I showed Ton the Part 2 photo of the top hat with the wonky o-rings (shown above) that you readers took exception to. He said yes, the rings askew like that is a problem, but not a big one because the top hat isn’t supposed to even touch the top o-ring when it is set correctly.  HUH?

Adjusting an Edge top hat

What I am about to tell you has only come to light in the past month. Until right now AirForce had a different procedure and specification for adjusting the Edge top hat. But Ton Jones took an Edge to his wife’s parents’ home in Slovakia on vacation last year and he got it working very well. When he told the owner of AirForce about his experience he was asked to determine exactly what he had done and write it all down for a new specification. That work took him many weeks, intermingled with his other duties, but he has now codified the top hat adjustment procedure for everyone.

To adjust the Edge top hat, first make sure both of the locking screws on its periphery are loose and the top hat turns freely on the valve stem. Then cock the rifle and watch the top hat as the bolt comes back to its rearward position. When the top hat just turns just a little as the bolt is closed, it is adjusted correctly. With the o-rings AirForce was putting on the valve stem there will be a clearance of about one o-ring’s width above the top o-ring and the bottom of the top hat when it is set properly. With the fatter o-rings (the metric 007 rings) that I am using, there is only a thin sliver of clearance between the top of the o-rings and the bottom of the top hat. Each rifle is different though and must be adjusted by hand this way.

Purpose of the o-rings

The o-rings are there to control the amount of distance the valve opens — BUT by the time the top hat starts to compress them, the pellet is almost out of the barrel. They don’t really control the velocity of the pellet; they control the amount of air that’s wasted after the pellet leaves the barrel. The valve return spring tension, the length of the valve stem travel (controlled by the top hat) and the regulator pressure setting control the pellet’s velocity. And each airgun is different.

I have prepared a short video to show you how the top hat is adjusted.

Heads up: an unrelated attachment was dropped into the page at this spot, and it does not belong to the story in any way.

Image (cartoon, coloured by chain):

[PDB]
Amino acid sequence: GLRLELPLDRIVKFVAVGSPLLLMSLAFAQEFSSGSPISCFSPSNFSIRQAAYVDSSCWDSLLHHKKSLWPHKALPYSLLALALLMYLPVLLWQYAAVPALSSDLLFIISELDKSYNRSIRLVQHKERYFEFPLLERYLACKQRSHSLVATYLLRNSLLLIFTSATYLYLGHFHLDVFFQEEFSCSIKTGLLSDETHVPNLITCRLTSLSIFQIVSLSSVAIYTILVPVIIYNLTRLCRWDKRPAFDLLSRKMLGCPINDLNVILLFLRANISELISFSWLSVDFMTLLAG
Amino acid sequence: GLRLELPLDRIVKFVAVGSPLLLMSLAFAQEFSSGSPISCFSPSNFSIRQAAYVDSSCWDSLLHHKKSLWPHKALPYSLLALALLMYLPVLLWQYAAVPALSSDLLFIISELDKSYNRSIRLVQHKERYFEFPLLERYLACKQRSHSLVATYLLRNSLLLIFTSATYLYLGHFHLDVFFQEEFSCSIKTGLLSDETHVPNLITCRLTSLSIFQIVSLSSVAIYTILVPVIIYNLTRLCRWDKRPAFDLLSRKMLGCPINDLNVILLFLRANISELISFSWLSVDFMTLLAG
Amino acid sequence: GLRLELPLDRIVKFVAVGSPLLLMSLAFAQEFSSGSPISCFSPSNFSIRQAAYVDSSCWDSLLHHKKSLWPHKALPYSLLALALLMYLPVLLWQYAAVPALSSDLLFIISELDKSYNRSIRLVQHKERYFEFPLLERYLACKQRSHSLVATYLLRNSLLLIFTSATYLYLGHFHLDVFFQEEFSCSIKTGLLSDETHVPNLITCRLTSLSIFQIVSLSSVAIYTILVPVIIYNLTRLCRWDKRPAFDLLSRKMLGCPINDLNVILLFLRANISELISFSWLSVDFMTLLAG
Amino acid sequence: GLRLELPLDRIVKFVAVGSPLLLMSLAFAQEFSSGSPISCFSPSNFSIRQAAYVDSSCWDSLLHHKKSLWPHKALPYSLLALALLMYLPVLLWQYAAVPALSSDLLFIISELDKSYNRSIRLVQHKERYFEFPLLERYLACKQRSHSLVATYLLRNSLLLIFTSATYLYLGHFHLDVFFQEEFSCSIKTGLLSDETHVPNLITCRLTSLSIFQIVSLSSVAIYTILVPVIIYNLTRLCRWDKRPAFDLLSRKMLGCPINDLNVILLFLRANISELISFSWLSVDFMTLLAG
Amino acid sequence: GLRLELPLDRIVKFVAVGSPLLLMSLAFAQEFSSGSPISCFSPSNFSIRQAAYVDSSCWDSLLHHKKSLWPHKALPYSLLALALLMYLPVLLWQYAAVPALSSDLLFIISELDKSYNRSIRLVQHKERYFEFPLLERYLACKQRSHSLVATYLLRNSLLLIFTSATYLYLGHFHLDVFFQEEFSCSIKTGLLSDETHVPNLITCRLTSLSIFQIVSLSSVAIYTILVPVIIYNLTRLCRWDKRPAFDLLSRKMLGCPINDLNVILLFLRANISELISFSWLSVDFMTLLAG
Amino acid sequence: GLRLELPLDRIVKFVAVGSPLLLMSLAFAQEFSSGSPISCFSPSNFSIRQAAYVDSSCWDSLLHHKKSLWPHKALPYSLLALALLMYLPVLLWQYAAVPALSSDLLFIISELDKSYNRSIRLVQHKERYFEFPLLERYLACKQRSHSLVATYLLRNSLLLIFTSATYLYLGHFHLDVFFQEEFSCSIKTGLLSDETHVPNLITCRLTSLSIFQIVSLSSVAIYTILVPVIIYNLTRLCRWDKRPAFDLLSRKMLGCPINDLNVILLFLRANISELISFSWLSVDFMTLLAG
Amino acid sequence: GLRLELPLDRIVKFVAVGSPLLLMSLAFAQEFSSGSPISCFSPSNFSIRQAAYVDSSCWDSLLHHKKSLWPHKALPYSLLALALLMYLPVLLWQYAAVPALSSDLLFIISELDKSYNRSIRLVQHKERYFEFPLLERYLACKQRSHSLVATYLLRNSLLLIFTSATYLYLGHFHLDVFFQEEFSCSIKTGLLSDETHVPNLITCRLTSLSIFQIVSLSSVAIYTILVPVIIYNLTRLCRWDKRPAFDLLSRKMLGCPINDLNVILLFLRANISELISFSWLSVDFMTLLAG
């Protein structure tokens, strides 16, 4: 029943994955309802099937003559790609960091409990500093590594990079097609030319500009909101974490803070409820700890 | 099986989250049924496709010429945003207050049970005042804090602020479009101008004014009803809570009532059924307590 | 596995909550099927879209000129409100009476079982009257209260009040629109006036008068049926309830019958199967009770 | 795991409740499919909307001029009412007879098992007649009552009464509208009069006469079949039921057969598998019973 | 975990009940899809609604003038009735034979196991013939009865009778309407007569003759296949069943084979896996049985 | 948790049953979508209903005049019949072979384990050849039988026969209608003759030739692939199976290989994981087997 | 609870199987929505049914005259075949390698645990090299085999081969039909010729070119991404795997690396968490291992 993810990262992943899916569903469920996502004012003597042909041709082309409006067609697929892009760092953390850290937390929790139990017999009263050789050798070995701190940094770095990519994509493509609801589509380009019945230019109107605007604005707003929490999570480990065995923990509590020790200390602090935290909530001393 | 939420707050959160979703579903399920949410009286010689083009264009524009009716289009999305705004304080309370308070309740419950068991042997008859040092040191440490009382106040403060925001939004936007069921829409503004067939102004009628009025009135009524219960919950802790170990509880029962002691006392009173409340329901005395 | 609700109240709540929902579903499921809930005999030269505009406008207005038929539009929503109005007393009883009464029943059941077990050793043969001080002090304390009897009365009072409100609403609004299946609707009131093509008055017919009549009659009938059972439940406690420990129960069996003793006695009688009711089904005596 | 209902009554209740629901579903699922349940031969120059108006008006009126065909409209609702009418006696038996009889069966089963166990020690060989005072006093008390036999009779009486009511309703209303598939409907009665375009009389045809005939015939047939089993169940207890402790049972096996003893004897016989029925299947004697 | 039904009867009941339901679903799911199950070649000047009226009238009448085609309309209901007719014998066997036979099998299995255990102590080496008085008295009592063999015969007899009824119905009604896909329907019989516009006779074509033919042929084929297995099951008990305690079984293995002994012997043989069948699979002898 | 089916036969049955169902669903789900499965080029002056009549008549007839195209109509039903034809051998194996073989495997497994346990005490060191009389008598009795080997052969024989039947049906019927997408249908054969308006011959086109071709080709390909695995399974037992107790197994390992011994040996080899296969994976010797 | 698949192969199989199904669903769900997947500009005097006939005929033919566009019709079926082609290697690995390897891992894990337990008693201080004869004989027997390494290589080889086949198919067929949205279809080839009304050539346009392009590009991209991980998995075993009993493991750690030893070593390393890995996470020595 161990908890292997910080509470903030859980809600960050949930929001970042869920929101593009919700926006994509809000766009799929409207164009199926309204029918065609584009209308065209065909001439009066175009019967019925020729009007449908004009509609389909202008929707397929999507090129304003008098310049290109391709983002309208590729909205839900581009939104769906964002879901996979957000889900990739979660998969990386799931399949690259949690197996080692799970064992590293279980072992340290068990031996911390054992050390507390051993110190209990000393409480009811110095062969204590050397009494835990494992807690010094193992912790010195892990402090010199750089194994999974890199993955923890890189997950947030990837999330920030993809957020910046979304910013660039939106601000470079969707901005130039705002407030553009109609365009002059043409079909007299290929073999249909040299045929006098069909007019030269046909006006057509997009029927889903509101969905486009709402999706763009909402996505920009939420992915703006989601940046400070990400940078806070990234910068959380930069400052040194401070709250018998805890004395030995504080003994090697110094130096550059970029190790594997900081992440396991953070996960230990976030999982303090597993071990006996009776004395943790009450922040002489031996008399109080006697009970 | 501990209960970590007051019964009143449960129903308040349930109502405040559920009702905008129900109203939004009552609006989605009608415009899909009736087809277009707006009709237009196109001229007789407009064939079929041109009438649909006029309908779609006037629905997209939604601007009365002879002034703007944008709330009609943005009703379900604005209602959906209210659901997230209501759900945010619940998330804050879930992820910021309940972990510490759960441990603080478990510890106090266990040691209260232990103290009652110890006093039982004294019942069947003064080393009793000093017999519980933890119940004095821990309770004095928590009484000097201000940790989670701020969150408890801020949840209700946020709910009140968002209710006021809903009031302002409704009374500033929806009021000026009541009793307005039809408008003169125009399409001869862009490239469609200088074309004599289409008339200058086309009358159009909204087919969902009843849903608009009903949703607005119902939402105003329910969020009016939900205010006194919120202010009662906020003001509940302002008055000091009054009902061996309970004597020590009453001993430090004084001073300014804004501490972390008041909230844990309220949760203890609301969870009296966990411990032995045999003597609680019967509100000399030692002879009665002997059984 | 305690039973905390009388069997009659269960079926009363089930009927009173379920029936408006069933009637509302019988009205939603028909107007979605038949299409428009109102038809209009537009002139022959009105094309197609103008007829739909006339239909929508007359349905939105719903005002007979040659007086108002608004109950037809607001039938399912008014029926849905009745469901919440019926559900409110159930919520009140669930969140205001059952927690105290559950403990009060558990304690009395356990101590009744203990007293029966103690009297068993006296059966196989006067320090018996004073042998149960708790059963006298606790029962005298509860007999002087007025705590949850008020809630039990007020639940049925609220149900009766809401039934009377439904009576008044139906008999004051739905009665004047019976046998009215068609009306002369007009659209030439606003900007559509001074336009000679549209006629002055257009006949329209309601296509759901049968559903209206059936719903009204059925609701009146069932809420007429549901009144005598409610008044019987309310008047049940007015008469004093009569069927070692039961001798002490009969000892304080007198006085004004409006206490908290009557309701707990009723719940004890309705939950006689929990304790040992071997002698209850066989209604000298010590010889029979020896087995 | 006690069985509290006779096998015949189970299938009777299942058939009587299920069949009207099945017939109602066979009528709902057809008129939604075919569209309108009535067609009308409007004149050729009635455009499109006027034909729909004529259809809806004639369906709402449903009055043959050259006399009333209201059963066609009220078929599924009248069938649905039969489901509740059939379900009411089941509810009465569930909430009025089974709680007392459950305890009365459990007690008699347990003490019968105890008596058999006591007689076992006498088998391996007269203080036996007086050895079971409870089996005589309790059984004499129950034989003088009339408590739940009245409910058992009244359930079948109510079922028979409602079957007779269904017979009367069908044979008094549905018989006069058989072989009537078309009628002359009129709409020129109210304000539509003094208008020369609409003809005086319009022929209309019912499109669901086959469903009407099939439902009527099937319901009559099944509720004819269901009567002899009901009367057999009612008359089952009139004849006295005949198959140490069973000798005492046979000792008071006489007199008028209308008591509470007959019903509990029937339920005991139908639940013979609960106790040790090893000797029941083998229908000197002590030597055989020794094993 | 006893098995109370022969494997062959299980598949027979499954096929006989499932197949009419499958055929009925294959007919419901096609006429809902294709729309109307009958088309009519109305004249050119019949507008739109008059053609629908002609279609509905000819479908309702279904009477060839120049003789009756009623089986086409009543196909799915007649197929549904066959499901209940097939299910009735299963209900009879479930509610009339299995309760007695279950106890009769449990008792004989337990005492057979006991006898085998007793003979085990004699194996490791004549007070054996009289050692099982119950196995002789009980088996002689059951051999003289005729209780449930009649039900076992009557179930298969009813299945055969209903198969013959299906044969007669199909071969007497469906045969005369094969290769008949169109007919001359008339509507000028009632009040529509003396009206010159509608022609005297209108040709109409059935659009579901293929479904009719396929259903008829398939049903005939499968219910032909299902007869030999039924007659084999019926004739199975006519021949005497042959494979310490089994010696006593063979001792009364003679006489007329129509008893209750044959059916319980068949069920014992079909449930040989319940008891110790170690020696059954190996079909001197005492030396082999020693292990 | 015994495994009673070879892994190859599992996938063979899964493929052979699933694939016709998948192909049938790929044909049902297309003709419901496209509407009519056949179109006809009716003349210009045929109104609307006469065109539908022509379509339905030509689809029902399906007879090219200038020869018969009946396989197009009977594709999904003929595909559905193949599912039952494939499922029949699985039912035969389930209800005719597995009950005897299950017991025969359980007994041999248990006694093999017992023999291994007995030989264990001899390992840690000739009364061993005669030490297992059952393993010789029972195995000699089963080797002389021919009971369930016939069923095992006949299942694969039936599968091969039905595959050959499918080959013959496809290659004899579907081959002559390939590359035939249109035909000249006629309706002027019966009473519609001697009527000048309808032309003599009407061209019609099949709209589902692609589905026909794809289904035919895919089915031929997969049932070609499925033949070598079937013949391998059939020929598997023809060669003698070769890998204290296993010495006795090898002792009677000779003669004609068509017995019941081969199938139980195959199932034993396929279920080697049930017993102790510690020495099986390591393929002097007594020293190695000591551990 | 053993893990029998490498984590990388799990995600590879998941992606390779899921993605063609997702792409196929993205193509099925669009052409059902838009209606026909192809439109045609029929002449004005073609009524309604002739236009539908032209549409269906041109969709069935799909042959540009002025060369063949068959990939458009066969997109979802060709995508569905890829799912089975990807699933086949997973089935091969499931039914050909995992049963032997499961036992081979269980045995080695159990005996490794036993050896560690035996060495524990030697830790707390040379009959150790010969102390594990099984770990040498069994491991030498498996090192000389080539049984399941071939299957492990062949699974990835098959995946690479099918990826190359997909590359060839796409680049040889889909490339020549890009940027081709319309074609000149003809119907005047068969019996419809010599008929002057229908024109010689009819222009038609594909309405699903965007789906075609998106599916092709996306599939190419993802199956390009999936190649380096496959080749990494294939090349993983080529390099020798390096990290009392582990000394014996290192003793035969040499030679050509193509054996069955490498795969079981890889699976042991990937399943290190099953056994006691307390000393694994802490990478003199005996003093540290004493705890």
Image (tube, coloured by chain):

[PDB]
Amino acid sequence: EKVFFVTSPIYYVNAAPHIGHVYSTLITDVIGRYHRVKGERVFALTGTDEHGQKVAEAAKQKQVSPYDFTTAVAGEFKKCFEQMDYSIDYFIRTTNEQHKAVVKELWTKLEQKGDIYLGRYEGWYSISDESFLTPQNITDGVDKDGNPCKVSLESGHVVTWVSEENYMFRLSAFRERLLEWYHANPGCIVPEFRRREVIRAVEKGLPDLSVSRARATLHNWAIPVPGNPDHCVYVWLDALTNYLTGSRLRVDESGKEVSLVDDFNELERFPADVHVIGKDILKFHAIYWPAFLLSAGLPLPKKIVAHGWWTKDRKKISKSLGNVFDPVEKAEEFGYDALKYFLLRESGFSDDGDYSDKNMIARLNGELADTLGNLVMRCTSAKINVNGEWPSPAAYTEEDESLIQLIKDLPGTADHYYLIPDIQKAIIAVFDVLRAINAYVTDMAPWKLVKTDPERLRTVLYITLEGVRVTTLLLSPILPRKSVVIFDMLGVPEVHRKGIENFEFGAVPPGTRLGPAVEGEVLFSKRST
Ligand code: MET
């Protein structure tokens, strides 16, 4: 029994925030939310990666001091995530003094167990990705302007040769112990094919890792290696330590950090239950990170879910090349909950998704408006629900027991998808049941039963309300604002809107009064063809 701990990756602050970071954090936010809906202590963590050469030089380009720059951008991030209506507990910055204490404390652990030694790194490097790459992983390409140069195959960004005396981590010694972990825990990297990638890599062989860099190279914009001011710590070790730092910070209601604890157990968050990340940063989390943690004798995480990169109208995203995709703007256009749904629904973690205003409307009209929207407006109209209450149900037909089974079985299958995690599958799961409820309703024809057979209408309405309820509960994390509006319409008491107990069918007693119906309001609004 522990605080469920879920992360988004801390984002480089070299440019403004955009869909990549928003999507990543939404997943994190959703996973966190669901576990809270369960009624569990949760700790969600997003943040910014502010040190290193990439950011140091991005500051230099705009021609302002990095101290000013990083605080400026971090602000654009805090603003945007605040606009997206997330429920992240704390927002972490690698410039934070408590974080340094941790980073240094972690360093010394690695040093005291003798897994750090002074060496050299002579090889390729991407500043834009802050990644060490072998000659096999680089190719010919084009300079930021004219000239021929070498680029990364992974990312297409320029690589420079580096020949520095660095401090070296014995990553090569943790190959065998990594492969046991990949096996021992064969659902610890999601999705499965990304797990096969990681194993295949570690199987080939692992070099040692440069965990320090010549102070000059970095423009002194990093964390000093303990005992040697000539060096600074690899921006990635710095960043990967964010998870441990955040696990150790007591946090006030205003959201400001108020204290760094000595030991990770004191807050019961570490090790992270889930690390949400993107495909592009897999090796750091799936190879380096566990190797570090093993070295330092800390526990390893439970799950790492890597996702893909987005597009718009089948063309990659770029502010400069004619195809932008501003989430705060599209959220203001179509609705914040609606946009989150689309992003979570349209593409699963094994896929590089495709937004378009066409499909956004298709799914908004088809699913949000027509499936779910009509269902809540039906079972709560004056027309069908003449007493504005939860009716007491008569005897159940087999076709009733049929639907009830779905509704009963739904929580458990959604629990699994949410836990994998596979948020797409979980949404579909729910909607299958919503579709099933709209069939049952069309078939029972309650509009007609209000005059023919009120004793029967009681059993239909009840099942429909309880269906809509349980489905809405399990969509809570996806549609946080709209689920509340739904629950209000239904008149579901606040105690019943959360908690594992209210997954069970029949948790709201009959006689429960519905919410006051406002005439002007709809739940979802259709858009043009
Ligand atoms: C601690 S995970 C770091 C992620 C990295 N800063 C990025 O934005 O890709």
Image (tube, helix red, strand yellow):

Adjusted the top hat

After I filmed that video I adjusted the top hat as shown and locked down the two locking screws. I am now ready to test the Edge velocity again — this time knowing the top hat will not move.

As I shoot I’m not allowing any particular amount of time between shots. I watched the clock and it seemed as though it took me 20 seconds to do everything between each shot. So that is the interval for the shots that follow.

RWS Basic

Once again I used the RWS Basic pellet as my principal test pellet. In the first string after filling the rifle to 3.000 psi Basics averaged 534 f.p.s. How interesting that number is so close to what they did the last time. This time all pellets were seated thumb deep. The low was 518 and the high was 545 f.p.s., so the spread was 27 f.p.s.

H&N Finale Match Light

Next to be tested were H&N Finale Match Light pellets. They averaged 523 f.p.s. with a low of 510 and a high of 540 f.p.s. The spread was 30 f.p.s.

RWS R10 Match Pistol

The third pellet I tested was the RWS R10 Match Pistol pellet. Ten of them averaged 554 f.p.s. The low was 539 and the high was 567 f.p.s. So the spread was 28 f.p.s.

While shooting this string I got curious if a longer wait between shots would tighten the velocity spread. So for the first 5 shots in the next string of the same R10 Match Pistol pellets I waited 60 seconds between each shot, and for the last 5 shots I waited my normal interval, which is about 20 seconds.


Then I waited the normal interval between shots, which is about 20 seconds.


I seems like shooting at the normal interval of about 20 seconds is more consistent than waiting a minute between shots

Sig Match Ballistic Alloy

The last pellet I tested was the Sig Match Ballistic Alloy wadcutter. They averaged 634 f.p.s. with a low of 621 and a high of 642 f.p.s. That’s a difference of 21 f.p.s.

Shot count